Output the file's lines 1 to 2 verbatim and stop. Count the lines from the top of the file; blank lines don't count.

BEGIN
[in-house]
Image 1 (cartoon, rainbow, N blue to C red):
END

[in-house]
Image 1 (cartoon, rainbow, N blue to C red):